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January 26th, 2006

SOTD @ 10:26 pm

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Date:January 28th, 2006 04:24 am (UTC)
Hmm... I think this review has the potential to be as epic as the one I just wrote for Stateless. *g*  But I hope not, as I was intending to get a bit of sleep at some point...

I'm gonna start by reviewing Roy Orbison's version, as that's the definitive one, and Bono & Edge wrote it for him in the first place so I guess this is how it's "supposed" to sound. It's also my favourite, as I mentioned before. :)

I totally agree with what you wrote about the Big O's voice being perfectly suited to the mood of the song, it's so rich and emotive. And he had such an incredible range, so he absolutely nails those long falsetto notes towards the end - it raises the hairs on my neck every time. Definitely my favourite part of the song. He really was one of the best singers of all time, IMHO... it's sad that he's no longer around, but at least his spirit lives on in amazing songs like this.

The music is just so... majestic, there's a seemingly effortless beauty to it. Right from the intro with the soft thumping of the drums, you know it's going to be something special. And when the piano comes in, mmm, what a gorgeous combination of sounds. It's so melodic, and I adore the way it all seems to build up into this glorious crescendo towards the end... wow, it just leaves me with goosebumps all over. Magical.

Lyrically, it's completely stunning. Has to be up there with Bono's finest lyrics of any song - the use of metaphor (especially on a nighttime and heaven/hell theme) just melts me from the inside out, it's so beautifully poetic. I don't think I can even pick out favourite lines because *every* line is solid gold. The rhyming is so skilfully done as well, it all flows wonderfully and nothing sounds forced. And of course "But if my love is blind, then I don't want to see" is rather familiar... this song does have the same hauntingly aching quality as Love Is Blindness, which I also adore.

That's a great quote you dug up about why the song works equally well when performed by either artist. Bono's voice is also ideal for this song, he has the same kind of warm but brooding tones. U2's renditions tend not to be as musically cohesive as the Orbison version, though, IMHO. The Brooklyn Bridge performance is nice enough (especially as a spur of the moment bonus song), but the song doesn't feel quite as heartwrenching when it's stripped down to the bare essentials. And sadly, Bono was obviously struggling with his voice a wee bit on that particular day, so he barely manages to hit the high notes and can't hold them. I found myself wincing slightly when I listened to it on the All Because Of You single... it's understandable that Bono will forget lyrics and falter with his vocals sometimes, but I'm surprised they choose to release such flawed performances on official CDs. Still, he got further with it this time than he did with the impromptu performance on Radio 1 a few years back, IIRC (I can't be arsed to go and dig out my cassette tape of that one!).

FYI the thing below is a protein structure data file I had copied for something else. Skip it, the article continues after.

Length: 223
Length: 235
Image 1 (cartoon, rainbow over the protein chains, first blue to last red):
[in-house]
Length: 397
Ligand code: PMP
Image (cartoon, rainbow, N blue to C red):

The Dublin performance from 1989 is much better in that respect, as obviously Bono's voice was in considerably better shape back then, so he could really do the song justice. Falsetto notes and all. Again though, musically it's not a patch on Roy's version - they play it way too fast, the instrumental break feels a bit directionless, and I'm not sure the brass backing is entirely appropriate for such a delicate song. Ah well, it's still fun to hear them perform this song at all - they're obviously proud of it (and rightly so), even though it's not technically a U2 song. I agree that it would be nice if U2 would record their own lush studio version. :)

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